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Michael Leiderman, Long Island Storm baseball team founder, dies at 56

Michael Leiderman, of Merrick, founded the Storm Baseball

Michael Leiderman, of Merrick, founded the Storm Baseball Academy in West Hempstead. Credit: Leiderman family

Michael Leiderman, a patron of Long Island baseball who helped hundreds of local players fulfill their baseball dreams for the past 35 years with managerial guidance and monetary support, died early Sunday. The longtime Merrick resident died from complications of ALS, said Galita Leiderman, his wife of 30 years. He was 56.

Also known as Lou Gehrig's disease, ALS is a progressive neurodegenerative disease that affects the nerve cells in the brain and the spinal cord.

“If anyone could beat ALS it would have been Michael,” Galita said. “He suffered for four years and never gave up. He kept the disease private because he didn’t want anyone to be burdened with his suffering. He believed he was going to beat it.”  

Leiderman wasn’t afraid to take risks, which served him well with his internationally known men’s baseball team, the Long Island Storm, and with the furniture business, where he was always up for any challenge.  

He cofounded and owned The Atlantic Group, a commercial office furniture company that supplies workplaces all over the world. Leiderman’s competitive spirit and knack for sales helped the multimillion-dollar company flourish over the past two decades.

“He is regarded as one of the most influential and respected business furniture experts in the country,” said his daughter, Erica Kleinstein of Manhattan, who works as the vice president for sales in the company. “My dad was absolutely the most passionate person in the world. He did everything at 110%, nothing less. He was a polarizing figure with a super competitive drive.”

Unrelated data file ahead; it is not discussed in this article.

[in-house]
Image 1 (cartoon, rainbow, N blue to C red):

Leiderman graduated from Springfield Gardens High School in 1978. He attended Queens College, where he graduated with his bachelor’s degree in accounting in 1982. He was a four-year starter on the Knights baseball team.

Leiderman created his first men's baseball team, the Long Island Brewers, at age 21. The team later became the Long Island Storm.

He met Galita Bochner in 1983 through work,  and they were married in 1988.

Leiderman founded the Storm Baseball Academy in West Hempstead in 2009 for players 8 years old to adult.

“Mike put his soul into the Storm program,” said James Rose, the president of the Long Island Stan Musial Baseball League. “His teams are well known. Perhaps his greatest achievement was traveling to Havana, Cuba, in 2003 and beating the powerhouse Cuban National team.”

John Matarazzo of Rockville Centre, a close friend who played for the LI Storm, said Leiderman persuaded major league management to play his club in spring training games.

“He was one of a kind,” Matarazzo said. “Who thinks to schedule amateur teams against pro teams like the Mets, Phillies and Cardinals in spring training? Or go to Cuba or British Columbia? Or go to Italy or the Dominican Republic? He had no boundaries, nothing was impossible for him. He wanted to take people places that they’d never been. He was larger than life.”

Major league players that Leiderman worked with include Reid Gorecki, Wilson Delgado, Elvis Pena and Jose Paniagua.

Perhaps his proudest moment was watching his son, David, play professionally for the Miami Marlins.

“My dad was so proud to see me play professionally and live the dream,” David Leiderman said. “It’s really hard to put into words how much it meant to me to reach that goal for him. He gave me everything to achieve my goals. He was my best friend and my idol.”

Leiderman is also survived by son-in-law Eric Kleinstein and his sister Caren Samplin, both of Manhattan.

A funeral will be held at Gutterman’s Funeral Home, 8000 Jericho Tpke., Woodbury, on Tuesday at noon.

Shiva will be Tuesday at Caren Samplin's house, 1859 Old Mill Rd., Merrick, from 7 to 9 p.m. Shiva will also be at the Leiderman apartment at 605 West 42nd St. in Manhattan on Wednesday from 1 to 5 p.m. and 7 to 9 p.m.; Saturday, 7-10 p.m.; Sunday, 1-5 p.m. and 7-9 p.m.


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